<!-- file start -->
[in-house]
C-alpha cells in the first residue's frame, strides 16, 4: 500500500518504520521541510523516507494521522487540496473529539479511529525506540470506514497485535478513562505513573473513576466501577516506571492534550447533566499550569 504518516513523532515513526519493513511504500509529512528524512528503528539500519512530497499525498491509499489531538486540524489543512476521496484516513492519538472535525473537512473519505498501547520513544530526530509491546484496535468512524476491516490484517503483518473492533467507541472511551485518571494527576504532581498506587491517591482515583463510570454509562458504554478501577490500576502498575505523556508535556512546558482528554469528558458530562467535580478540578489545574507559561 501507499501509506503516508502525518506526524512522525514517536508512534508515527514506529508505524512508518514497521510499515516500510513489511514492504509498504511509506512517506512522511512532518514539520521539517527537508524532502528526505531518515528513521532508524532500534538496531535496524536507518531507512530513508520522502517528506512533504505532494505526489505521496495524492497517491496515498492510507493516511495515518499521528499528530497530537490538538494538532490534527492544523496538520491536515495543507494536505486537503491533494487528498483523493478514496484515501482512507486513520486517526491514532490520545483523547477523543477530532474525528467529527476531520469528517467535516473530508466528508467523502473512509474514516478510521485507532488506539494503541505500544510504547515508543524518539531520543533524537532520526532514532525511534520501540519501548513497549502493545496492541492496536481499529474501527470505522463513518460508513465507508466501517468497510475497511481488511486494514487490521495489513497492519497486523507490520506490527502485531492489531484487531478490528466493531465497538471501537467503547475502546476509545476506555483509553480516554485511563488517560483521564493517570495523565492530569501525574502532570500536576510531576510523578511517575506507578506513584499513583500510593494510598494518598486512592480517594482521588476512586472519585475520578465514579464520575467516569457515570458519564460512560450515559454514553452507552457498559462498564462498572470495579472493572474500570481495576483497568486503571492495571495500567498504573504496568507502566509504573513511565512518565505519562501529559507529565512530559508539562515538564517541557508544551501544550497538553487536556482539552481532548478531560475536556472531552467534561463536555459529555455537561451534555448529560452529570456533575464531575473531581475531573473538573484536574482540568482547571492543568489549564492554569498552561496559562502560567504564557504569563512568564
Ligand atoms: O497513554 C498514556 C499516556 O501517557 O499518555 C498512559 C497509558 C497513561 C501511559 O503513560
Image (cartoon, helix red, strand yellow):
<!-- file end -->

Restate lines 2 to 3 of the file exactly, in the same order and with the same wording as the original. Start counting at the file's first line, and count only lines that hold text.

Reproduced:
C-alpha cells in the first residue's frame, strides 16, 4: 500500500518504520521541510523516507494521522487540496473529539479511529525506540470506514497485535478513562505513573473513576466501577516506571492534550447533566499550569 504518516513523532515513526519493513511504500509529512528524512528503528539500519512530497499525498491509499489531538486540524489543512476521496484516513492519538472535525473537512473519505498501547520513544530526530509491546484496535468512524476491516490484517503483518473492533467507541472511551485518571494527576504532581498506587491517591482515583463510570454509562458504554478501577490500576502498575505523556508535556512546558482528554469528558458530562467535580478540578489545574507559561 501507499501509506503516508502525518506526524512522525514517536508512534508515527514506529508505524512508518514497521510499515516500510513489511514492504509498504511509506512517506512522511512532518514539520521539517527537508524532502528526505531518515528513521532508524532500534538496531535496524536507518531507512530513508520522502517528506512533504505532494505526489505521496495524492497517491496515498492510507493516511495515518499521528499528530497530537490538538494538532490534527492544523496538520491536515495543507494536505486537503491533494487528498483523493478514496484515501482512507486513520486517526491514532490520545483523547477523543477530532474525528467529527476531520469528517467535516473530508466528508467523502473512509474514516478510521485507532488506539494503541505500544510504547515508543524518539531520543533524537532520526532514532525511534520501540519501548513497549502493545496492541492496536481499529474501527470505522463513518460508513465507508466501517468497510475497511481488511486494514487490521495489513497492519497486523507490520506490527502485531492489531484487531478490528466493531465497538471501537467503547475502546476509545476506555483509553480516554485511563488517560483521564493517570495523565492530569501525574502532570500536576510531576510523578511517575506507578506513584499513583500510593494510598494518598486512592480517594482521588476512586472519585475520578465514579464520575467516569457515570458519564460512560450515559454514553452507552457498559462498564462498572470495579472493572474500570481495576483497568486503571492495571495500567498504573504496568507502566509504573513511565512518565505519562501529559507529565512530559508539562515538564517541557508544551501544550497538553487536556482539552481532548478531560475536556472531552467534561463536555459529555455537561451534555448529560452529570456533575464531575473531581475531573473538573484536574482540568482547571492543568489549564492554569498552561496559562502560567504564557504569563512568564
Ligand atoms: O497513554 C498514556 C499516556 O501517557 O499518555 C498512559 C497509558 C497513561 C501511559 O503513560